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March 26, 2008

Rambus Rambles

Memory chip patent holder Rambus saw its stock soar 39% on news that a San Jose jury dismissed charges from competitors Hynix, Micron, and Nanya, that Rambus rigged the playing field by getting patents on the SDRAM memory standard. This is a turnaround from a 2001 jury verdict validating a fraud charge from Infineon, and a 2006 FTC ruling of deception, now on appeal.

Rambus stock shot up $7.25, to $28.86 per share.

Rambus General Counsel Tom Lavelle purred: "Over the years, the company has got a tarnished reputation. I hope this is the beginning of turning that around."

Hynix, Micron, and Nanya vowed appeal. Micron attorney Jared Bobrow mused that the jury overlooked key testimony about members of the standards body, the Joint Electron Device Engineering Council (JEDEC), being expected to work together in good faith. Bobrow claimed that JEDEC members did not know that Rambus was filing patents. Bobrow didn't explain why that story fell on deaf ears during the seven-week trial.

Punters expect the fight to continue, but consider this ruling as paving the path to a royalty windfall in the billions. Rambus has numerous suits against many computer memory makers. Michael Cohen at Pacific American Securities in San Diego speculated royalties could reach $11.7 billion for 2000-2011. Making exact number estimates for wild guesses often fools the hoopleheads that you know what you are talking about. 

Rambus is a small Los Altos California company that design memory chips, but does not manufacture, instead licensing the technology.

Posted by Patent Hawk at March 26, 2008 6:58 PM | Patents In Business

Comments

The memory cartel will be appealing this case to the CAFC, the same applet court that ruled in 2003 (Judge Rader's panel) that there was "no duty to disclose" and denied an en banc rehearing in 2004. Good luck with that…

Posted by: Reggatta De Blanc at March 27, 2008 2:03 AM

The memory cartel must be busy now trying to push patent "deform" through the US Senate.
Yeah, the patent "deform" as currently written might help them a lot, by requiring damage apportionment calculation: a small component, improvement over "prior art" and shit like that

I am looking forward to hear about some big jucy lobbying scandal ala Jack Abramoff (but this time with so-called "democrats" in US Congress)

Someone's going to wear stripes....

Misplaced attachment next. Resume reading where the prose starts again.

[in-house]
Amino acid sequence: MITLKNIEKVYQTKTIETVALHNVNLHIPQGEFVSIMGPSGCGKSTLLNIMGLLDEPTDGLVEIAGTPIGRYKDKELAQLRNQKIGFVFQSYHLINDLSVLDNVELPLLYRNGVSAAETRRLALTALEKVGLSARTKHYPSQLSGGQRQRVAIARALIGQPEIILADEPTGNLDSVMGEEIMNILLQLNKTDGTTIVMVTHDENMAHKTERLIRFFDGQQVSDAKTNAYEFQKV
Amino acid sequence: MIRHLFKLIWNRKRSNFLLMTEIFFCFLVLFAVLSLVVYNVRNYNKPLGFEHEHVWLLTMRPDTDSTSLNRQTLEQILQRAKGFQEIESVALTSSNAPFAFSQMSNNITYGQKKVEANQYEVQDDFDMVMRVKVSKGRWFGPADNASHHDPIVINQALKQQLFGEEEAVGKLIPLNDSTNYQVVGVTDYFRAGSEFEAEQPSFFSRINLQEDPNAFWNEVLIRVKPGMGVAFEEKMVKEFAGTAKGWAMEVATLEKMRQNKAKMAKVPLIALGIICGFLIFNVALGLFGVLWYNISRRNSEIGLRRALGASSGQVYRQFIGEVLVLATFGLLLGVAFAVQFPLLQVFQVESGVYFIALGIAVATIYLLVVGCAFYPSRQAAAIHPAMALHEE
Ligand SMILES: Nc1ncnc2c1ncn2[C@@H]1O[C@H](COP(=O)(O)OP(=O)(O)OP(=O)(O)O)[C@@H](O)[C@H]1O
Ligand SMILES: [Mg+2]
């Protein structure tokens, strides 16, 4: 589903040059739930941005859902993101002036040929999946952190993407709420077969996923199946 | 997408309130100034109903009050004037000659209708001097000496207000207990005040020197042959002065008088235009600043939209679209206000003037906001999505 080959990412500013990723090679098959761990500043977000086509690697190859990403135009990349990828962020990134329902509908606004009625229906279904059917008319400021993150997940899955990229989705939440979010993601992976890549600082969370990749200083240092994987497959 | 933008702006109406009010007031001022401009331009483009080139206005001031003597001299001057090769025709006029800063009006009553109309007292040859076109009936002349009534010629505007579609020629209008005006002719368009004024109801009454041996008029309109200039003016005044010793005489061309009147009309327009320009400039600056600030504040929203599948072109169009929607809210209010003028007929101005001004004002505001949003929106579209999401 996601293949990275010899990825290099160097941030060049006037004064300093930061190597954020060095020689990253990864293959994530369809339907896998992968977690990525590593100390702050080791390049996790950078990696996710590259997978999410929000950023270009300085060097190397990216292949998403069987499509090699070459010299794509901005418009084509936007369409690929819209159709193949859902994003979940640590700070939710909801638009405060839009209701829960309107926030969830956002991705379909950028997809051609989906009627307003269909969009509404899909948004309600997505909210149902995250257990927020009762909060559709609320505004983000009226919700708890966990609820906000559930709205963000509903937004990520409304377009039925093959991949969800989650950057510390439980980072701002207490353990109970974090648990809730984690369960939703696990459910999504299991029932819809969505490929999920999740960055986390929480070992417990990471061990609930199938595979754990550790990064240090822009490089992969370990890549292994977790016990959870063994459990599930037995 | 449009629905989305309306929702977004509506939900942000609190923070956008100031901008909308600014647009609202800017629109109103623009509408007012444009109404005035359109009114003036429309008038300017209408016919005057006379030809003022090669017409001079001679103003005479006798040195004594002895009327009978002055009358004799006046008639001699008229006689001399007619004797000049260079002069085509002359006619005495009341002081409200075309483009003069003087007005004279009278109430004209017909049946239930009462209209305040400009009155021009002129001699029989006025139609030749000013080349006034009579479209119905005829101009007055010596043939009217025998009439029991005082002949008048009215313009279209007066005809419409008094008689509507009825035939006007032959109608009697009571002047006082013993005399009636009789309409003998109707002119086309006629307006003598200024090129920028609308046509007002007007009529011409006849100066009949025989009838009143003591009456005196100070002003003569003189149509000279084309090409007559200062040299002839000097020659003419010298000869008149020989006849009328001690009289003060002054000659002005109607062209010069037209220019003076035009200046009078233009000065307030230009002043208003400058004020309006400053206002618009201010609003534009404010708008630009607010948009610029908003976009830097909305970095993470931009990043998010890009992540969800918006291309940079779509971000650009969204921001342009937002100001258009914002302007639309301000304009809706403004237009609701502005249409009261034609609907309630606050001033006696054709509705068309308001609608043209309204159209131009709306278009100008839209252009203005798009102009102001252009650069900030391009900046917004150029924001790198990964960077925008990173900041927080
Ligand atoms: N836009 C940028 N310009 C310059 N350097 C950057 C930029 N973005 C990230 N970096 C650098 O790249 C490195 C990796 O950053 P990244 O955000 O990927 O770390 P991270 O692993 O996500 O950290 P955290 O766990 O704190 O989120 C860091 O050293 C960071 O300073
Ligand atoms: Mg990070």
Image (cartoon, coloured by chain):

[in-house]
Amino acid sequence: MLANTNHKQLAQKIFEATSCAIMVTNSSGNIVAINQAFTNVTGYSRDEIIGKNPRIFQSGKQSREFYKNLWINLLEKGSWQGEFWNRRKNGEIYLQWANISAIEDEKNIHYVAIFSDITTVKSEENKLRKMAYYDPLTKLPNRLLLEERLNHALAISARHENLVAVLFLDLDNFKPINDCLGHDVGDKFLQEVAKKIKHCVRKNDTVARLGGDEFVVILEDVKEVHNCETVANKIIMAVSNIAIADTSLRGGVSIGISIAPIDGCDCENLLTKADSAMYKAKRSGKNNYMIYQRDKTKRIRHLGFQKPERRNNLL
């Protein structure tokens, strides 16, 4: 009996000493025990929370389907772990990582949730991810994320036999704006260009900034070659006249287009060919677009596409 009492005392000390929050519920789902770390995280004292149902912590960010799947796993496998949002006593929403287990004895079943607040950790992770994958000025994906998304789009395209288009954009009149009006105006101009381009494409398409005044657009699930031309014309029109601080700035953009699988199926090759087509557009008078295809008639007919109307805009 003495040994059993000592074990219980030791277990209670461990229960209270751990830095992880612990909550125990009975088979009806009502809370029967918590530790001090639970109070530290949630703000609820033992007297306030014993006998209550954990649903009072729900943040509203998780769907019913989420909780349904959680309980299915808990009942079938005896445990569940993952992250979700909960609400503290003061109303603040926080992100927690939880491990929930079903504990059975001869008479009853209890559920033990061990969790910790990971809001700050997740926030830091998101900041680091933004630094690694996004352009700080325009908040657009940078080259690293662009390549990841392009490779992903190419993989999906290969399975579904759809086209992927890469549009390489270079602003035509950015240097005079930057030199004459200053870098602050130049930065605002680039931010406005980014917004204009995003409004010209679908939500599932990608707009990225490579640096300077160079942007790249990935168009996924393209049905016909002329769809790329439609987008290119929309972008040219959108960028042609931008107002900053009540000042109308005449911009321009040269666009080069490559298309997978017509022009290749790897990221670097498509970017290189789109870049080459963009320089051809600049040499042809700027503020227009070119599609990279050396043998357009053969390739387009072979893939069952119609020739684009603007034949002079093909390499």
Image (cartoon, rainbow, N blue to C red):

Posted by: angry dude at March 27, 2008 6:31 AM

The Senate sponsor of the corrupt patent "reform" is Orrin Hatch from Utah…
One of Hatch's best "business" partners (Micron employs Utahns in their Lehi foundry) is Micron's Steven Appleton from the neighboring state, Idaho. Appleton is one of the charter members of the "Coalition for Patent "Fairness" which is feverishly trying to pass this "Reform" through the Senate. It is obvious that Micron will face existential risks if they are forced to pay back all the loot they pirated from Rambus over the years, not to mention a 4-5% on going royalty that will render them uncompetitive with their Asian peers, there for the passage of the patent "reform" that would cast a serious shadow on the pure IP business model is probably Micron's last resort for escaping Justice.

It seems like the aggregate political pull of the stake holders opposing this bill should carry more weight then the opportunistic supporters of this self destructive legislation, I truly hope they can actually stop it.

Posted by: Reggatta De Blanc at March 27, 2008 7:59 AM

angry dude

The Senate sponsor of the corrupt patent "reform" is Orrin Hatch from Utah…
One of Hatch's best "business" partners is Micron's Steven Appleton (Micron employs Utahns in their Lehi foundry) from the neighboring state, Idaho. Appleton is one of the charter members of the "Coalition for Patent "Fairness" which is feverishly trying to pass this "reform" through the Senate. It is obvious that Micron will face existential risks if they will be forced to pay back all the loot they pirated from Rambus over the years, not to mention a 4-5% on going royalty that will render them uncompetitive with their Asian peers, there for the passage of the patent "reform" that would cast a serious shadow on Rambus's pure IP, business model is probably Micron's last resort for escaping Justice.

It seems like the aggregate political pull of the stake holders opposing this bill should carry more weight then the opportunistic supporters of this self destructive legislation, I truly hope they can actually stop it.

Posted by: Reggatta De Blanc at March 27, 2008 8:10 AM

"It seems like the aggregate political pull of the stake holders opposing this bill should carry more weight then the opportunistic supporters of this self destructive legislation..."

No shit, dude

With all the nation's universities, professional associations like IEEE, the Unions, venture capitalists, Big Pharma, all Biotech industry, how come is this "reform" still alive ?
Now, despite Hatch's efforts this "reform" was a no-go under the republican leadership in US Congress.
I blame democrats, partucularly California's "democrates" for the passage of this bill in he House of Reps last September.
Now, Democratic party going against the Unions, that's something these "democrats" will have to pay for..

Needless to say, I am not voting for "democrats" anymore

Posted by: angry dude at March 27, 2008 8:42 AM